Ozempic Face: When Your Daughter Looks Like Your Dad
Pete G. will never forget the night. There he was, sitting in the kitchen enjoying his nightly cup of tea, when someone walked through the back door. Pete wasn’t alarmed – much of his family lives in the vicinity so someone’s always popping in – but he was surprised to see his father show up this late. Pete was even more surprised to learn the person wasn’t his dad – it was his daughter. And she’d come down with a bad case of Ozempic Face.
Pete’s “Hey Dad!” didn’t go down to well with daughter Bree. In fact, she looked rather mortified. After all, it’s not every night a gal gets mistaken for her grandfather, no matter how dim the lights. Pete was rather mortified himself. But he wasn’t mortified by making the mistake. He was mortified by what caused the mistake in the first place. Then again, Pete wasn’t the first person to be mortified by the mortifying effects of Ozempic. And Bree wasn’t the first person to suffer from Ozempic Face.
“Rapid weight loss leads to volume loss in the face, but can also affect the collagen and elastin in the skin,” New York-based facial plastic surgeon Dr. Jennifer Levine told Vogue ace Hannah Coates. “Ozempic face can look gaunt, deflated, and saggy. Think raisin as opposed to grape!” The face and skin appearing hollow, droopy, and lax are all common hallmarks of Ozempic face—all key ingredients in the recipe for accelerated aging.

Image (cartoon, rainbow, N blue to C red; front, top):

It’s that ‘accelerated aging’ that has us concerned. Surely, growing older faster can’t be a good thing.
It isn’t. In fact, accelerated (or premature) aging is actually a genetic disorder associated with many types of cancer. It even has a name: Hutchinson-Gilford Progeria Syndrome (HGPS). And because the disorder somehow tends to cause premature death yet protect against cancer, scientists at the National Cancer Institute are eagerly attempting to learn everything about it.
Now we don’t for a moment think Ozempic face compares to HGPS. And we wholeheartedly hope the great good folks at the Center for Cancer Research find a cure for the latter as quickly as possible. We also hope that those who are opting for Ozempic merely for vanity’s sake will recognize the irony of using accelerated aging in order to look younger.